Vohburg an der Donau and a Boat Ride
Vohburg is a fascinating small City on the Donau. It was a walled city that has retained the historic wall gates and the central walled castle.
The castle walls now hold a contemporary cemetery as well as a church. It is a popular place for weddings. A wedding party was just finishing up a photo session. I couldn’t help but notice that the newly blended families were racially European, and Middle Eastern. A sign this traditional town is making new traditions
This part of Bavaria hosts regular afternoon thunderstorms. They leave dramatic clouds and rich light.
The trails in Bavaria go from wide smooth paved paths between farmers’ fields, to rutted double/singletrack. In most towns and villages cyclists share the streets with autos. In general drivers are respectful. They are accustomed to sharing the roads.
Our trail ended at the Kloster near Weltenburg. It’s a very touristy place and very crowded. We wanted out of there!
We had been asking about a ferry across the Donau at the monastery for a couple of days. Most thought it (there are several now) was not in operation due to low water, or had never heard of it. So we rode blindly into a potential long steep detour. However, as is so often the case, we had good luck, and an enjoyable boat ride.
We found a small motorboat that would take people and bikes through the limestone karst gorge to a trail on the opposite bank. It was fun, though we couldn’t understand a word of the boatman’s spiel.
Every weekend we have to walk our bikes through at least one town in.
Wonder What’s Up the Inn? Inn river that is. Leaving the Donau
A rainy, muddy last day on the Donau. We stopped at a ferry shelter to watch the rain on the brown river. We never did see a Blue Danube. But we did see the clear riffles and white rapids of the upper wilds and small villages, and then the silvered flats of the quiet reaches between corn, wheat and potato fields above the confluence with the powerful brown Inn. We will follow our curiosity tomorrow.
Passau divides the Donau and Inn rivers. I know. You’ve never heard of it. I had not either until a week or so ago when Claire found it and thought it might be more to our liking than following the increasingly tourist clogged river we found in Passou.Perhaps the most beautiful thing in Passou was the huge pipe organ in Saint Stephan cathedral. We didn’t get to hear it, as a cyclist who joined us in our rain shelter said we could, should, because we couldn’t learn the concert times.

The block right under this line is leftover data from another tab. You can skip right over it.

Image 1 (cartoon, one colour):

But I did imagine the power in my chest as thundering Bach reverberated off the hundreds of angels painted and carved in the soaring space.And yet, each time I stand in awe at these huge fealties to a higher power, I can’t fully enjoy the experience, knowing the price of health and life given by the laborers probably in payment receiving a special place in Heaven, or perhaps free passage for their sins. At least they got to see tangible justification for their difficult existence. Not so with the two beggars we saw on the cobbles not fifty meters from the cathedral doors, hidden from the angels, and the young man in clerical atire, focused on his smartphone.If you need more inspiration than the organ and soaring interior of the cathedral, come back at night to see the facade painted in colored light. Now there is a spiritual experience.
Up the Inn? In to the Rain?
Our first day up the Inn River began with a touch of sun, and hope the weather searches were correct in offering scattered showers.
Soon the crushed limestone trail plunged into the deep forest of a preserve, and we felt enough sprinkles to don our rain capes.
Emerging from the
tunnel of green, inky blue/black filled sky ahead and the rain got serious with us. Droplets attempting to leave my nose remained to tickle unmercifully. I hate it when that happens.
The rain did give us some softened images of Austria across the Inn.
This natural area apparently had hedgehogs, but we didn’t see any. They may be nocturnal. We finished in Austria in Braunau, the town where Hitler was born. It may be torn down. More Hitler coming soon.
Braunau and Simbach